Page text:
Have an IKEA Poang Chair but wish it had a more stylish cover? This tutorial will show you how to make a DIY IKEA chair cover from any fabric.
I’ve got another great guest poster this week! The sisters that make up Sypsie Designs are some of the best frugal DIYer’s I have seen. Every post, I’m impressed with their creativity and money saving tips. Over the past few months, we’ve bonded over a shared obsession with Target clearance finds and pretty much everything at Marshall’s.
Hi Polished Habitat readers! I’m Jodie and I run Sypsie Designs along with my sister, Paige, where we share all about our home décor ideas and furniture makeovers, big and small. We’re so excited to be here and share with you today!
I recently moved into a one bedroom apartment with my guy, and have been working to update our space as frugally as possible- which means altering quite a few plain-jane IKEA furniture pieces to give them a bit of personality. Today I’m sharing how we made a custom cover for an IKEA staple, the Poang chair! Do you have one? I bet at least a few of you have your hands raised- they’re everywhere! They’re very practical, but I wanted something more fun than a plain black cover for our space.
It’s also useful at collecting fuzz and dust as you can tell. Not so pretty. To make the new cover, all that’s needed is a fabric shower curtain and a sewing machine. Don’t worry- it’s only 6 straight lines, and could even be completed with iron on hem if you’re not friends with any machines.
You will need three pieces of fabric- 71”x27”, 36”x23” and 12”x23”. My only tip here is to make sure that your pattern is centered when you cut out the pieces, especially on the 71”x27” piece for the front!
DIY IKEA Poang Chair Cover
First, start off by sewing the three pieces together like so (on the red lines), making sure to sew the right sides together. They’re not the same widths, so just make sure to center the pieces.
Next, hem both ends by folding over the fabric 1/2″ and sewing in a straight line on the red lines shown.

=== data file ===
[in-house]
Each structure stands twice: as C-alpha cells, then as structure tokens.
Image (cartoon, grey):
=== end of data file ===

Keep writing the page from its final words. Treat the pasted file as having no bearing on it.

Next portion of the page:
Four lines, down, two to go.
Next, with the fabric lying right side up, fold the longer piece (36” long side) over, 10” past the edge. Then, fold the shorter piece over (12” long side) over, 3” past the edge.
As you can see we’re essentially creating a simple envelope pillow cover for the cushion, but this version leaves you with no visible seams. They will all be hidden behind the chair and under the seat, so even if you mess up a bit no one will be able to tell- my kind of project : )
Next is the most complicated “looking” part, but it’s pretty simple. It’s time to pin. Only two more straight lines of sewing left!
Start in the middle of one of the sides, and pin the edges together. The easiest way (since the fabric does not line up perfectly) is to pinch the fabric together and pin as you go. When you get to the ends, just keep the line the same, leaving about a 2 inch excess on the top piece.
After both sides are pinned, it’s time to sew the last two lines! Start about an inch from the end, and end about an inch before hitting the end of the fabric as well (see the black dashed line on the pic above for reference.) The corners can be tucked in after you’re done, allowing for that seamless look.
Flip that baby right-side out, and you’re ready to stuff in the seat cushion! We left the original IKEA black cover on to keep the cushion on one piece- keeping the cushions where they’re supposed to be (there’s 3 separate cushions involved if you take them out.) The envelope opening will go under the seat cushion and out of sight. After you’ve put the cushion back on the chair, simply tuck the fabric into the two creases at the back of the seat and head cushion.
Fabric shower curtains are our favorite material to work with when reupholstering or working on small projects, since they can be found at stores like Marshalls for around $15 a pop! That’s very inexpensive considering the cost of that much fabric at a craft store, and all of the projects we’ve used them for have held up great so far!
I hope you’re inspired to personalize your own chair in a thrifty and unique way! Projects like this are great because you can change out the cover as often as you’d like, and you’re not stuck to one certain (or expensive) design choice. Especially if you change things up as often as we do : )